Russian Troops in Syria Will ‘Stay Until the End’

The 58th Army is the branch of the Russian military that helped lead the 2008 incursion into Georgia, and which Ukraine claimed was sending high-ranking officials to wage war in the East as well.


Russian troops in Syria claim in a TV interview that they’ve “been there since the beginning and will stay to the end.” But for now, neither they — nor anyone else — knows just when that “end” will come.

New interviews with Russian troops dispatched to Syria, published by France24 Thursday, feature clips of Putin’s army deployed near Latakia, where Russia has built up its military presence in recent months.

The soldiers, who asked that their faces remain hidden, told the French television station that they don’t know how much longer they will be required to stay in Syria but assume it won’t be too much longer because the campaign is going “very well.”

Russia has come under intense international scrutiny for reportedly targeting U.S.-backed rebels instead of the Islamic State. On Monday, 45 people were reportedly killed in a Russian strike.

One soldier, identified by France24 as a military advisor sent to Latakia to help train members of the Syrian military, said he isn’t very happy with the trainees’ attitudes.

“You know, the Syrians have everything they need [including] tanks…but the mentality isn’t there,” he said.

He went on to compare the behavior of Syrians to that of Chechens, saying “these guys just sell everything to the enemy” in what may have been a reference to Moscow’s bungled military and financial support for Chechen opposition groups to overthrow Dzhokar Dudayev, who declared Chechnya independent from Russia in the early 1990s, before Moscow ultimately sent in its own ground forces in 1994 at the onset of the First Chechen War.

In another interview in the same short clip, a different Russian soldier asks the French reporter if she remembers the 2008 Russo-Georgian war, when Russia backed separatists from Abkhazia and South Ossetian and briefly occupied a number of Georgian cities.

“You remember the war in Ossetia?” he says. “These are the same generals from the 58th Army who were sent here. It’s them who are leading the military operations here.”

The 58th Army is the branch of the Russian military that helped lead the 2008 incursion into Georgia, and which Ukraine claimed was sending high-ranking officials to wage war in the East as well.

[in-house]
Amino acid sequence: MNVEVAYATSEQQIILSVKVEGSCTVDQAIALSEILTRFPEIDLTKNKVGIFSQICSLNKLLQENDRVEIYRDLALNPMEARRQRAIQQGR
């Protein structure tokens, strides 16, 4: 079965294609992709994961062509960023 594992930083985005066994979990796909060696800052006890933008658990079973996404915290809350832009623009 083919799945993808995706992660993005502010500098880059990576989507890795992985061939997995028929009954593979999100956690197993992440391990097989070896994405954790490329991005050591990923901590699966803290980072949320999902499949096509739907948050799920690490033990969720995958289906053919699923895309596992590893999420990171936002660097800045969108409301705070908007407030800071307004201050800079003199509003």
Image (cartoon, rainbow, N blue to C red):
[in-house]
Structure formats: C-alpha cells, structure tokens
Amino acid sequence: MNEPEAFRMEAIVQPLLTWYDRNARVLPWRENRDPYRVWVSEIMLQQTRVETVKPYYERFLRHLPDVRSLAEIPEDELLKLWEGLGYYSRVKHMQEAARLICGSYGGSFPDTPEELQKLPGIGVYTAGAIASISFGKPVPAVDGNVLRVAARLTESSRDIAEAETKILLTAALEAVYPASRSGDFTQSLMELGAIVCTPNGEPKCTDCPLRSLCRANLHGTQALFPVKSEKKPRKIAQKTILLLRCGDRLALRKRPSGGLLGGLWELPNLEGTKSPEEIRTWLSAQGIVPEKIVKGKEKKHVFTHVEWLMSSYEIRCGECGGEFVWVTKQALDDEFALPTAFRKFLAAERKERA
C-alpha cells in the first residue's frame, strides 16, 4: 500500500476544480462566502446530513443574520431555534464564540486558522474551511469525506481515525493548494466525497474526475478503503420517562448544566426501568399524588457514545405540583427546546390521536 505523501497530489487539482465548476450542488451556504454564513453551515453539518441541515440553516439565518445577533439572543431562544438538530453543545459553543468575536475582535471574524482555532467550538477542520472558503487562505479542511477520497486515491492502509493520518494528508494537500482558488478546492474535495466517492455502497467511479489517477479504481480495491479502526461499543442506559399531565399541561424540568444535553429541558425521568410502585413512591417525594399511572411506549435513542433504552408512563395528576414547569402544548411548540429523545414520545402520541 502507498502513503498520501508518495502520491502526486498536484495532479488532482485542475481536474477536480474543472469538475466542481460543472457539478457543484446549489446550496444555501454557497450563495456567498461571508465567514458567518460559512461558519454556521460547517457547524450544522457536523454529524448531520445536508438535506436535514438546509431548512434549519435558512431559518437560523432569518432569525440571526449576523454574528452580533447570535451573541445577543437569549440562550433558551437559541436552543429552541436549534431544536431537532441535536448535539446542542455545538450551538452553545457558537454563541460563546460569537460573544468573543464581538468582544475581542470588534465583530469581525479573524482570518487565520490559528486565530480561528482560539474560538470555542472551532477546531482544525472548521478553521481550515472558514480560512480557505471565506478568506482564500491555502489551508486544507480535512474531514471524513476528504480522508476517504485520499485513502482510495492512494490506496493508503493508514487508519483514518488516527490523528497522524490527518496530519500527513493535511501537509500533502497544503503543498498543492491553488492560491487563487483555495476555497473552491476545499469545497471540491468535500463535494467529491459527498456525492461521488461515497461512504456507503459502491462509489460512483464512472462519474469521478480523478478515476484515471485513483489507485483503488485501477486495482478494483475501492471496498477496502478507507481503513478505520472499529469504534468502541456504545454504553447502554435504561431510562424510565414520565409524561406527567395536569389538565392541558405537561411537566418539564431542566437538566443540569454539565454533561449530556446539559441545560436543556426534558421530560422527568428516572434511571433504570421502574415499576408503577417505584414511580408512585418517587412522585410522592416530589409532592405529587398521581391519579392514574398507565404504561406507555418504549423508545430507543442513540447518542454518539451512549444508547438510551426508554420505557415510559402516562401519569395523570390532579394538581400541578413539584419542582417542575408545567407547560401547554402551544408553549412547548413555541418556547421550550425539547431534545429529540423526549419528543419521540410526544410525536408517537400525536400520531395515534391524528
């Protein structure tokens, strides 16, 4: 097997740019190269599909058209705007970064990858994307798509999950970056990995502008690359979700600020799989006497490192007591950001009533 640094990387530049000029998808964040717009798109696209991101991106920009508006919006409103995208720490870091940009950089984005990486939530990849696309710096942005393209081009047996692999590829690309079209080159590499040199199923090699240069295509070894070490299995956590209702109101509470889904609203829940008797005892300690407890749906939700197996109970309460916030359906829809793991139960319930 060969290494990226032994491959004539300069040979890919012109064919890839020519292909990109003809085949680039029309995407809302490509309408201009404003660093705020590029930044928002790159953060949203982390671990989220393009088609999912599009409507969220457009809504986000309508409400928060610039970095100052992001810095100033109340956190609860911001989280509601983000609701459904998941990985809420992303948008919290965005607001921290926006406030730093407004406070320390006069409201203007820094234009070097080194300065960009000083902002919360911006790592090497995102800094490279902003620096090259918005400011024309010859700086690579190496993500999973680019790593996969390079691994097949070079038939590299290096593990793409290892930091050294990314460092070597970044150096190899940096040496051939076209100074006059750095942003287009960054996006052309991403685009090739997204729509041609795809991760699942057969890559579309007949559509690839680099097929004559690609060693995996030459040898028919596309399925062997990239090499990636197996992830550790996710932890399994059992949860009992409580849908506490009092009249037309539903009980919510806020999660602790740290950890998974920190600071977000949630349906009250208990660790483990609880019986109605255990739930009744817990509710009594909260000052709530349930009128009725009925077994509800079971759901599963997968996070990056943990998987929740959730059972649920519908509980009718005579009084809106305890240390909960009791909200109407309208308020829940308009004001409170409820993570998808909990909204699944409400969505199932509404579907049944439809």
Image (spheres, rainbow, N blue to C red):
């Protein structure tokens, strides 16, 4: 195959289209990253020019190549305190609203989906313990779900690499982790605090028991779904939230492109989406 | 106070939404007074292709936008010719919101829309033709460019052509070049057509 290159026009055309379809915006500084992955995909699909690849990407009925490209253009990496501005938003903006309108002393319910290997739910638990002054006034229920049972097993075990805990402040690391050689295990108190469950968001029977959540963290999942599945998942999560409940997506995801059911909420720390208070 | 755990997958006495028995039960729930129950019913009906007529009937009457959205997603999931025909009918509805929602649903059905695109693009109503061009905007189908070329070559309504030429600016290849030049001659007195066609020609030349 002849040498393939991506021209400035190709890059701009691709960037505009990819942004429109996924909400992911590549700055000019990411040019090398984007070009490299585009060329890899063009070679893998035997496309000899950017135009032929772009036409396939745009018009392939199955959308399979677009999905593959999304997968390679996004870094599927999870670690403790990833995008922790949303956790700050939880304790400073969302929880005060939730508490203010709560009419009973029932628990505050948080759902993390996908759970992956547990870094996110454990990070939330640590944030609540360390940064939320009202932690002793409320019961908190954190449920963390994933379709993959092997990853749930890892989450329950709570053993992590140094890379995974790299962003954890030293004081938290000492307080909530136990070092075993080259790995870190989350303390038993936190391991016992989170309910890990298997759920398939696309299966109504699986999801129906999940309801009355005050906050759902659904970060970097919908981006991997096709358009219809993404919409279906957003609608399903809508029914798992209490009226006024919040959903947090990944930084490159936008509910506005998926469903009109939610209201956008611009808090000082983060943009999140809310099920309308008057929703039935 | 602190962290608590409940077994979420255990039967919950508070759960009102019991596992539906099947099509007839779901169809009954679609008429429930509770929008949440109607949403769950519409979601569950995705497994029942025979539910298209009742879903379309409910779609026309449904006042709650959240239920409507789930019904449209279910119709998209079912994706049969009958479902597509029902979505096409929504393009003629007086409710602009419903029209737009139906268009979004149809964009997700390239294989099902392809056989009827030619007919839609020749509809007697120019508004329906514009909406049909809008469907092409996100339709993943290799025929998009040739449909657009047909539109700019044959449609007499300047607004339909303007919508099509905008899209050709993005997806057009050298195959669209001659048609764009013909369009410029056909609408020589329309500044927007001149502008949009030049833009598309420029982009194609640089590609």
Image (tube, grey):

According to Anna Borshchevskaya, a fellow at the Washington Institute for Near East Policy, if true, the presence of the 58th could signal that Moscow is prepared for a long presence in Syria. “Putin is not a strategist, it doesn’t look like he has fully thought through the Syrian intervention,” she told Foreign Policy.

And Mark Galeotti, a professor at New York University and an expert on Russian security told FP that granular details such as who specifically is on the ground in Latakia are hard to confirm. But if there are members of the 58th Army there, they are likely a small minority who were plucked from other posts to oversee specific operations. The majority of the troops on the ground belong to the air force because they’re there to fly bombers and drones, which make up the brunt of the Russian military presence in Syria.

“Russians pull together bits and pieces from other units as they happen to have available and as meets the needs for the case,” he said.

There have been various reports in Russian media that mercenary-types are recruiting heavily for more Russians to fight alongside Syrian President Bashar al-Assad’s forces in Syria. However, according to Galeotti, so far the recruiters have found most of their fighters in the Donbass region, which he said could be a win-win for Moscow, which may be trying to disengage from conflict in the Donbass as it pivots to Syria.

“If you can get some of these gung-ho volunteer types from the Donbass to Syria, you’re killing two birds with one stone,” Galeotti said. “You’ve got some warm bodies in Syria and fewer in the Donbass.”


Reid Standish is an Alfa fellow and Foreign Policy’s special correspondent covering Russia and Eurasia. He was formerly an associate editor. Twitter: @reidstan

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